Sneak Preview: Find out why your homemade yogurt is grainy in this discussion about some possible causes of not-so-nice grainy yogurt.
Did your homemade yogurt turn out grainy? I feel your disappointment. While it may taste alright and it’s safe to eat, it’s probably not what you were going for. Right?
I’ve encountered grainy yogurt myself. It’s so frustrating, and unfortunately, I don’t have all the answers. But, based on my experience, I’ve figured out at least one reason.
Recently, I made a batch of yogurt using a different starter. Despite using the same method, my yogurt turned out grainy. When I complained, my daughter-in-law chimed in that sometimes hers was also grainy.
Both of us thought our yogurt still tasted good. We talked and compared. It seemed like our starter might be the culprit. Here are my conclusions from my unscientific investigation.
Possible answers to the question, “Why is my homemade yogurt grainy?”
- While recreating the grainy texture, I discovered using a starter with additives can be problematic. It may not be the only cause, but this will definitely do it.
- Using too much starter as discussed here can be another cause.
The results of my experiment
In the picture above, the ingredient labels for each of the starters (commercially-made yogurt purchased locally) claim to have “live active yogurt cultures.” All made yogurt successfully.
Note that the yogurt shown on the bottom three spoons contained additives.
- Lower left: inulin (a type of fiber) and pectin (The Greek Gods nonfat plain Greek yogurt)
- Lower middle: pectin (Krogers nonfat, plain yogurt)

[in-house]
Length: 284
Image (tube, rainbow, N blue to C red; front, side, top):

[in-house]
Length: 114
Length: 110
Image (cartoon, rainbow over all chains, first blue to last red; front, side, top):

- Lower right: corn starch and gelatin (Braum’s low-fat yogurt)
The smooth and creamy yogurt on the top three spoons originated with the following starters:
- Upper left: Fage nonfat yogurt
- Upper middle: Stonyfield nonfat yogurt
- Upper left: My own homemade yogurt that had been in the freezer for at least 6 months.
The moral of the story??
When using commercially produced yogurt as a starter, stick to yogurt with live cultures, but NO additives.
Does it matter if I use Greek yogurt or regular yogurt as a starter?
Whether it’s Greek yogurt or regular makes no difference in my experience.
Bonus: A blackberry cobbler a là yogurt
If I don’t have blackberries, I’m fond of substituting whatever fresh or frozen fruit I can find in my kitchen. THE TOTAL CALORIE COUNT IS REASONABLE since I can get 6-7 servings from one recipe.
If you are still trying to perfect your method for making yogurt at home, check out the video below. Maybe it will give you some ideas.
If you have any questions or suggestions, email me privately: Paula at saladinajar.com.
Hope to see you again soon!